…and other useful items with side notes about obtaining them.
Version 1.0 – Dec. 10, 2008
Items are listed in no particular order.
- Swiss Army pocket knife – a life saver and a given for all travelers (just don’t forget to check it in with your luggage).
- Electrical Plug Adapters – Targus, Nexxen (the source), and if you feel like splurging, Kensington have excellent all-in-one-multi-adapters for all types of electrical items (especially laptops). In Nepal’s infamous tech-haven New Road, none of the dozen or so merchants had items like this so it would be best if you brought a dependable one from home.Side note: for electrical appliances as a whole, no need to bring any (although I would be surprised if you had the room available in your luggage) as you can easily get them here with the right plug and for a much cheaper price as compared to back home.
- Toilet paper (1 or 2 rolls) – cause you never know when you would need it. Don’t expect washrooms to have any (actually, go in thinking that every time).
- A bar of soap – for those travelers who run out or forgot to bring toilet paper. Hand sanitizer gel is great as well.
- A portable/small drying towel – TBA
- A few good quality clothes – Bring a few good quality and durable clothing for trekking or outdoor activities. For example: 2 good trekking pants, 1 pair of shorts, 2 t-shirts and 2 long sleeve shorts (good quality, moisture, etc.), a few underwear and socks and you are good to go. After that, you can easily get more daily types of clothing easily in Kathmandu. For one-stop shopping, visit any Blue Bird chain stores or head to Bhat Bhatini for those yearning for a Winners/Wall-Mart type of shopping experience (a large grocery store is even located at the bottom level.Side note: I love Northface apparel. However everybody seems to be wearing Northface or wearing related knock-off items here.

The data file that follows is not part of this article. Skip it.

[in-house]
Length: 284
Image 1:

- Sleeping bag – If you have the space and if you are particular about it (the filling contents, colour, temperature specs. etc.) then definitely bring your own. However for a bargain, you can easily get a good western one in the Thamel Market for a minimum of about 4000 rupiya ($66 CDN). We were able to find a locally made sleeping bag for about 1350 rp ($16 CDN).Side note: regarding trekking gear as a whole – again if you are not particular about your gear then get your trekking gear in the Thamel Market. There are many trekking stores with high-quality goods that you could easily buy or rent for a far better price than you would get back home.
This is an on-going list of items that this Canadian author has found useful based on his experience living and traveling in Nepal from 2008 to 2010.